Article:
Ninth Circuit Finds that Delays in Veterans Administration’s Disability Claims Process Are Unconstitutional (June 15).

The Ninth U.S. Circuit Court of Appeals last month held the delays in the U.S. Department of Veterans Affairs disability claims process violated the constitutional due process rights of veterans. Veterans for Common Sense v. Shinseki, No. 08-16728, 2011 WL 1770944 (9th Cir. May 10, 2011).

Writing for the majority, Circuit Judge Stephen Reinhardt reversed a San Francisco U.S. District Court decision in the case, then remanded it to the lower court to supervise the VA’s new procedures.

The 2-1 judgment stemmed from an appeal filed by two nonprofit veteran’s organizations of a 2008 decision by the Northern District of California. Veterans for Common Sense v. Peake, No. C-07-3758 SC (N.D. Calif. June 25, 2008) (available here).

The plaintiff veterans groups sought injunctive and declaratory relief for department-wide failures within the VA in processing disability claims’ appeals.
The main target was backlogs at the Board of Veterans Appeals, the culmination of a process that can leave cases in limbo for years.

The Ninth Circuit made several specific holdings, including that the veterans groups, Veterans for Common Sense, of Washington, D.C., and Veterans United for Truth, in Santa Clara, Calif., had standing to bring the action; sovereign immunity could not protect the VA from the claims; the court could not force the VA to implement a specific mental health strategic plan; and the delays in adjudicating veterans disability benefits claims and in providing veterans with mental health services each represented a violation of veterans’ constitutional due process rights under the Fifth Amendment.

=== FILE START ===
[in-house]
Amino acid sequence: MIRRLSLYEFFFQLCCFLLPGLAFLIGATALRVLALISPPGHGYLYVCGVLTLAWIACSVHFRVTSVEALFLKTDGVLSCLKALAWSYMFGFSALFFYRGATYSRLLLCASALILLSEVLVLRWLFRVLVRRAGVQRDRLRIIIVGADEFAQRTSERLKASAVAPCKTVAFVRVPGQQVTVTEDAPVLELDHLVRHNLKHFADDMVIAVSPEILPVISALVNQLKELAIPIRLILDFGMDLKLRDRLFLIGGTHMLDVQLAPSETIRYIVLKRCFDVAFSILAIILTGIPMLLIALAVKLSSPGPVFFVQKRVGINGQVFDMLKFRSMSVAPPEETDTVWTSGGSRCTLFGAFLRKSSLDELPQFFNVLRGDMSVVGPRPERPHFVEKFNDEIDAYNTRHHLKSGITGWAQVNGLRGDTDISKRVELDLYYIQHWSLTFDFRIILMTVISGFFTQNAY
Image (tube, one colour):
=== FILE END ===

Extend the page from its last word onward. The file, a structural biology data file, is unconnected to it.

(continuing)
Chief Circuit Judge Alex Kozinski dissented with a separation-of-powers argument.  He contended that he did not believe that the judiciary had the authority to compel an executive agency to alter its process. While he recognized that a problem existed within the VA’s processes, Kozinski argued that the language enumerating the VA’s powers at 38 U.S.C. §§ 502, 511 precluded the court’s involvement.  

Despite this disagreement, both the majority and dissent had recommended that the parties mediate to resolve this issue.  The mediation didn’t work, but the majority opinion urges the parties to continue discussions.

Similarly, the court encouraged the VA to develop a conciliatory approach in dealing with the claims themselves.  The decision analyzes the U.S. Supreme Court’s interests in maintaining an informal and non-adversarial process for administering veteran’s benefits, via Walters v. National Ass'n of Radiation Survivors, 473 U.S. 305 (1985).

At press time, it was unclear whether the VA or the district court on remand would follow the Ninth Circuit’s advice to increase the use of conflict resolution practices to deal with this problem.  Hearings had begun again last month in the San Francisco district court where the case had been tried.  More are expected soon.
 
The government had not decided whether to file a cert petition in the case to the U.S. Supreme Court or to ask for a rehearing in front of the full Ninth Circuit, according to Charles Miller, a spokesman for the VA’s civil division in Washington.
A full report on this case will appear in the July/August Alternatives, available on July 8 here, and to CPR members for free here.

--Peter Siemons, CPR Intern